Three-dimensional structures

The core fold of the AA13 structure is similar to all other LPMOs (AA9, AA10, & AA11) representing a β-sandwich immunoglobulin like fold [2]. There are some significant structural differences compared to the other families however. Firstly, the AA13 structure reveals additional helical secondary structure elements that are not found in other LPMOs (Figure 1). The most prominent difference however is surrounding the copper active site. Where in other LPMOs, the copper histidine brace is found at the centre of a flat or slightly concave surface (AA9, AA10, & AA11), a distinct groove can be observed passing over the active site of AA13 (Figure 1). This is an adaptation that is thought to be necessary to accommodate the helical structure of an amylopectin substrate. Despite significant efforts, it has not been possible to determine an oligosaccharide bound structure for an AA13 which would be particularly beneficial to delineating the adaptions necessary to allow activity on an α-1,4-linked substrate [8].

Catalytic Residues

The “histidine brace” motif is used to bind the active site copper in AA13 [2], as it is for all other LPMOs studied to date (AA9, AA10 & AA11) [9]. This motif sees the amino group and imidazole side chain of the N-terminal histidine, together with the imidazole group of a second histidine, directly coordinate the copper ion in a T-shaped geometry. For AA13s, one axial position is occupied by a tyrosine on one side of the copper ion, with a loop containing a glycine approaching near to the copper on the other side (Figure 2, top) [2]. In AA10s and AA11s alanine in this position has been suggested as a possible important factor in distorting the arrangement of water molecules around the active site which may have mechanistic consequences in these families [10, 11]. An interesting feature of the electron paramagnetic resonance (EPR) spectrum observed for the A. nidulans and A. oryzae AA13s was the presence of superhyperfine coupling in the spectrum (Figure 2, bottom) [2].

Family Firsts

First family member identified
AA13 from N. crassa [1].
First demonstration of oxidative cleavage
The N. crassa AA13 was shown to produce oxidised malto-oligosaccharides in the presence of oxygen and reducing agents [1].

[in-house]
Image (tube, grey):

First 3-D structure
AA13 from A. oryzae with Cu+ 4OPB [2]


  1. Vu VV, Beeson WT, Span EA, Farquhar ER, and Marletta MA. (2014). A family of starch-active polysaccharide monooxygenases. Proc Natl Acad Sci U S A. 2014;111(38):13822-7. DOI:10.1073/pnas.1408090111 | PubMed ID:25201969 [Vu2014]
  2. Lo Leggio L, Simmons TJ, Poulsen JC, Frandsen KE, Hemsworth GR, Stringer MA, von Freiesleben P, Tovborg M, Johansen KS, De Maria L, Harris PV, Soong CL, Dupree P, Tryfona T, Lenfant N, Henrissat B, Davies GJ, and Walton PH. (2015). Structure and boosting activity of a starch-degrading lytic polysaccharide monooxygenase. Nat Commun. 2015;6:5961. DOI:10.1038/ncomms6961 | PubMed ID:25608804 [LoLeggio2015]
  3. Nekiunaite, L., Arntzen, M.Ø., Svensson, B., Vaaje-Kolstad, G., Abou Hachem, M. (2016) Lytic polysaccharide monooxygenases and other oxidative enzymes are abundantly secreted by Aspergillus nidulans grown on different starches. Biotechnology for Biofuels. 9, 187 [1]

  4. Vu VV and Marletta MA. (2016). Starch-degrading polysaccharide monooxygenases. Cell Mol Life Sci. 2016;73(14):2809-19. DOI:10.1007/s00018-016-2251-9 | PubMed ID:27170366 [Vu2016]
  5. Walton PH and Davies GJ. (2016). On the catalytic mechanisms of lytic polysaccharide monooxygenases. Curr Opin Chem Biol. 2016;31:195-207. DOI:10.1016/j.cbpa.2016.04.001 | PubMed ID:27094791 [Walton2017]
  6. Nekiunaite L, Isaksen T, Vaaje-Kolstad G, and Abou Hachem M. (2016). Fungal lytic polysaccharide monooxygenases bind starch and β-cyclodextrin similarly to amylolytic hydrolases. FEBS Lett. 2016;590(16):2737-47. DOI:10.1002/1873-3468.12293 | PubMed ID:27397613 [Nekiunaite2017b]
  7. Frandsen KE, Poulsen JC, Tovborg M, Johansen KS, and Lo Leggio L. (2017). Learning from oligosaccharide soaks of crystals of an AA13 lytic polysaccharide monooxygenase: crystal packing, ligand binding and active-site disorder. Acta Crystallogr D Struct Biol. 2017;73(Pt 1):64-76. DOI:10.1107/S2059798316019641 | PubMed ID:28045386 [Frandsen2017]
  8. Vaaje-Kolstad G, Forsberg Z, Loose JS, Bissaro B, and Eijsink VG. (2017). Structural diversity of lytic polysaccharide monooxygenases. Curr Opin Struct Biol. 2017;44:67-76. DOI:10.1016/ | PubMed ID:28086105 [Vaaje-Kolstad2017]
  9. Hemsworth GR, Davies GJ, and Walton PH. (2013). Recent insights into copper-containing lytic polysaccharide mono-oxygenases. Curr Opin Struct Biol. 2013;23(5):660-8. DOI:10.1016/ | PubMed ID:23769965 [Hemsworth2013]
  10. Hemsworth GR, Henrissat B, Davies GJ, and Walton PH. (2014). Discovery and characterization of a new family of lytic polysaccharide monooxygenases. Nat Chem Biol. 2014;10(2):122-6. DOI:10.1038/nchembio.1417 | PubMed ID:24362702 [Hemsworth2014]

All Medline abstracts: PubMed